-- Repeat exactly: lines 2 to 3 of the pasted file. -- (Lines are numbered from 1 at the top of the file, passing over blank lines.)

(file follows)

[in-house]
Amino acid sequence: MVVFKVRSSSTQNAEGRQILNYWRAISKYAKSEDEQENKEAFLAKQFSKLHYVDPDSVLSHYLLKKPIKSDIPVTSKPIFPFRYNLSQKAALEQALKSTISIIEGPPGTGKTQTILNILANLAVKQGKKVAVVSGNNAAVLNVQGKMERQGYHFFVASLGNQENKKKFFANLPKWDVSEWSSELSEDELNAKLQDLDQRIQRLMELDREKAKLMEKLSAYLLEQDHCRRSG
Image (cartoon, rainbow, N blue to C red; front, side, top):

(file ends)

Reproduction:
Amino acid sequence: MVVFKVRSSSTQNAEGRQILNYWRAISKYAKSEDEQENKEAFLAKQFSKLHYVDPDSVLSHYLLKKPIKSDIPVTSKPIFPFRYNLSQKAALEQALKSTISIIEGPPGTGKTQTILNILANLAVKQGKKVAVVSGNNAAVLNVQGKMERQGYHFFVASLGNQENKKKFFANLPKWDVSEWSSELSEDELNAKLQDLDQRIQRLMELDREKAKLMEKLSAYLLEQDHCRRSG
Image (cartoon, rainbow, N blue to C red; front, side, top):